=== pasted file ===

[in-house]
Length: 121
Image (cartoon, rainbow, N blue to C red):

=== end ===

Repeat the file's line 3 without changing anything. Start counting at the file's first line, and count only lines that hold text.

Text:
Image (cartoon, rainbow, N blue to C red):